Niece of Iran’s Supreme Leader urges world to cut ties with Tehran over unrest -online video

DUBAI, Nov 27 (Reuters) – The niece of Iran’s Supreme Leader Ayatollah Ali Khamenei, a prominent rights activist, has called on foreign governments to cut all ties with Tehran over its violent crackdown on popular unrest sparked by the death in police custody of a young woman.

A video of a statement by Farideh Moradhani, an engineer whose late father was a prominent opposition figure married to Khamenei’s sister, was widely circulated online after her arrest on November 23, activist news agency HRANA said.

“O free people, stand with us and tell your governments to stop supporting this murderous and child-killing regime,” Moradhani said in the video. “This regime is loyal to none of its religious principles and knows no rules except force and the maintenance of power.

Khamenei’s office did not immediately respond to a Reuters request for comment.

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HRANA said 450 protesters had been killed in more than two months of nationwide unrest as of Nov. 26, including 63 minors. It said 60 members of the security forces were killed and 18,173 protesters were detained.

The protests sparked by the death of 22-year-old Iranian Kurd Mahsa Amini after she was arrested for “improper clothing” represent one of the biggest challenges to the country’s clergy since the 1979 Islamic Revolution.

Jalal Mahmudzadeh, a member of parliament from the predominantly Kurdish city of Mahabad, said on Sunday that around 105 people had been killed in Kurdish-populated areas during the protests. He was speaking during a debate in parliament, quoted by the Entekhan website.

Challenging the Islamic Republic’s legitimacy, protesters from all walks of life burned pictures of Khamenei and called for the fall of Iran’s Shiite Muslim theocracy.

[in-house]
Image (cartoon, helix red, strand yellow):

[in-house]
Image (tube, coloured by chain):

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The video was shared on YouTube on Friday by her brother, France-based Mahmoud Moradhani, who describes himself as an “opponent of the Islamic Republic” on his Twitter account, and then by prominent Iranian rights activists.

On November 23, Mahmoud Moradhani reported his sister’s arrest as she was serving a court order to appear at the Tehran prosecutor’s office. Farideh was arrested earlier this year by Iran’s Intelligence Ministry and later released on bail.

HRANA said she was in Tehran’s Evin Security Prison. Moradhani previously faced a 15-year prison sentence on unspecified charges.

Her father, Ali Moradhani Arangeh, was a Shiite cleric married to Khamenei’s sister and recently died in Tehran after years of isolation for his stance against the Islamic Republic, according to his website.

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Farideh Moradhani added in his video: “Now is the time for all free and democratic countries to withdraw their representatives from Iran as a symbolic gesture and expel the representatives of this brutal regime from their countries.”

On Thursday, the UN’s top human rights body decided by a wide margin to set up a new fact-finding mission to investigate Tehran’s brutal crackdown on anti-government protests.

Criticism of the Islamic Republic from relatives of senior officials is not unprecedented. In 2012, Faezeh Hashemi Rafsanjani, the daughter of the late former president Akbar Hashemi Rafsanjani, was sentenced to prison for “anti-state propaganda”.

Reporting by Dubai Newsroom Editing by Tom Perry and Mark Heinrich

Our standards: The Thomson Reuters Trust Principles.


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